More than $5.5 million, including $2.5 million to develop ways to reduce the amount of E. coli released by cattle, will go to Michigan State University researchers. The USDA said $4.9 million for childhood obesity research will go to the University of Michigan.

The grants fit with the USDA's research priorities that were outlined in 2009, Roger Beachy, director of the USDA's National Institute of Food and Agriculture, told The Associated Press in a telephone interview. Those include improving nutrition and food safety.

"It's clear that the University of Michigan and Michigan State have a lot to offer in support of the goals of research for USDA," Beachy said.

Agriculture Secretary Tom Vilsack offered a sharpened research focus for the USDA when the National Institute of Food and Agriculture was launched in 2009. Other priorities include helping keep U.S. agriculture competitive and supporting biofuel research.

The USDA said Dr. Julie Lumeng of the University of Michigan will explore steps to reduce the prevalence of childhood obesity among Head Start preschoolers in Michigan. Dawn Contreras of Michigan State University Extension also is involved in the project.

With the National Institute of Food and Agriculture grant, Lumeng and her team will develop a program to study the relationship between stress, children's eating habits and obesity, and they will examine the potential benefits of stress management strategies.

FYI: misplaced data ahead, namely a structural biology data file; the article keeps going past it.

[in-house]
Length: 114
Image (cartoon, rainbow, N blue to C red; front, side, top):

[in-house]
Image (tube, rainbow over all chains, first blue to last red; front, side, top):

If successful strategies are found, the USDA said teachers nationwide could get information on how to put them in place.

With the grant related to E. coli research at Michigan State University, the aim is to eventually reduce the risk of foodborne illness in humans. The project is led by Shannon Manning, a molecular biologist and epidemiologist in the school's Department of Microbiology and Molecular Genetics.

"These infections are a national concern, particularly during outbreaks when public health agencies are rapidly trying to identify the sources to prevent additional infections," Manning, whose work is funded in part by MSU AgBioResearch, said in a statement.

Three other grants for Michigan State University research, which each are nearly $1 million, are related to bioenergy issues.


Ex-head of motorcycle club gets 35 years in prison

DETROIT (AP) -- The former president of a Detroit motorcycle club has been sentenced to 35 years in prison by a judge who says the group caused a "reign of terror" on the city's southwest side.

A lawyer says the punishment Monday for 56-year-old Joseph Whiting could become a life sentence because of his age and health problems.

Known as "Little Joe," Whiting was one of six members of the Highwaymen convicted last summer of a racketeering conspiracy. Four more were convicted in December. Prosecutors describe the Highwaymen as a violent gang involved in drugs, robbery and other crimes.

Federal Judge Nancy Edmunds says there was a "ton of drug activity" and Whiting was in the "thick of it."

Whiting gave a rambling statement, raising constitutional objections to many parts of his trial.

Published: Wed, Mar 16, 2011